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Kidney [Description of the kidney]

Functions of the Kidney

The kidneys are a pair of reddish-brown organs located on either side of the spine just below the diaphragm, behind the liver and stomach. They are bean-shaped and measure about 4 and one half inches long, 2 and one half inches wide, and 1 inch thick. The primary function of the kidneys is to remove waste from the body through the production of urine. They also help to regulate blood pressure, blood volume, and the chemical (electrolyte) composition of the blood.

Renal failure is the inability of the kidneys to remove wastes and maintain electrolyte balance. Acute renal failure, characterized by inability to produce urine and an accumulation of wastes, is often associated with trauma, burns, acute infection, or obstruction of the urinary tract; its treatment depends on the cause and often includes antibiotics and reduced fluid intake. Chronic kidney failure, which may occur as a result of many systemic disorders, causes fatigue and sluggishness, diminished urine output, anemia, and often complications of hypertension and congestive heart failure. The treatment depends on the cause, often involving the use of diuretics, restricted protein intake, and, if the kidney failure cannot be otherwise treated, dialysis and/or transplantation.

Kidney Transplant Procedures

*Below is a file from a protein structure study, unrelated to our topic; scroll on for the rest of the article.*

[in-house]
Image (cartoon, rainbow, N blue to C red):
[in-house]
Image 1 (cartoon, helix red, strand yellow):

A kidney transplant may involve one or both kidneys if the donor is deceased and only one kidney if the donor is living. In most transplants, only one kidney is transplanted. But, in certain circumstances, particularly if the donor is less than ideal, two kidneys may be transplanted. There is also some experimental work being done on splitting kidneys prior to transplanting them, resulting in two recipients per kidney, but this is still extremely rare in practice.

Reasons for Kidney Transplants

Kidney Diagnosis Categories>Kidney Diagnoses
GLOMERULAR DISEASES
Anti-GBM
Chronic Glomerulonephritis: Unspecified
Chronic Glomerulosclerosis: Unspecified
Focal Glomerularsclerosis
Idio/Post-Inf Crescentic Glomerulonephritis
IGA Nephropathy
Hemolytic Uremic Syndrome
Membranous Glomerulonephritis
Mesangio-Capillary 1 Glomerulonephritis
Mesangio-Capillary 2 Glomerulonephritis
Systemic Lupus Erythematosus
Alport's Syndrome
Amyloidosis
Membranous Nephropathy
Goodpasture's Syndrome
Henoch-Schoenlein Purpura
Sickle Cell Anemia
Wegeners Granulomatosis
DIABETES
Diabetes: Type I Insulin Dep/Juvenile Onset
Diabetes: Type II Insulin Dep/Adult Onset
Diabetes: Type I Non-insulin Dep/Juv Onset
Diabetes: Type II Non-insulin Dep/Adult Onset
POLYCYSTIC KIDNEYS
Polycystic Kidneys
HYPERTENSIVE NEPHROSCLEROSIS
Hypertensive Nephrosclerosis
RENOVASCULAR AND OTHER VASCULAR DISEASES
Chronic Nephrosclerosis: Unspecified
Malignant Hypertension
Polyarteritis
Progressive Systemic Sclerosis
Renal Artery Thrombosis
Scleroderma
CONGENITAL, RARE FAMILIAL, AND METABOLIC DISORDERS
Congenital Obstructive Uropathy
Cystinosis
Fabry's Disease
Hypoplasia/Dysplasia/Dysgenesis/Agenesis
Medullary Cystic Disease
Nephrophthisis
Prune Belly Syndrome
TUBULAR AND INTERSTITIAL DISEASES
Acquired Obstructive Nephropathy
Analgesic Nephropathy
Antibiotic-induced Nephritis
Cancer Chemotherapy-Induced Nephritis
Chronic Pyelonephritis/Reflex Nephropathy
Gout
Nephritis
Nephrolithiasis
Oxalate Nephropathy
Radiation Nephritis
Acute Tubular Necrosis
Cortical Necrosis
Cyclosporin Nephrotoxicity
Heroin Nephrotoxicity
Sarcoidosis
Urolithiasis
NEOPLASMS
Incidental Carcinoma
Lymphoma
Myeloma
Renal Cell Carcinoma
Wilms' Tumor
RETRANSPLANT/GRAFT FAILURE
Retransplant/Graft Failure
OTHER
Other Rheumatoid Arthritis
Other Familial Nephropathy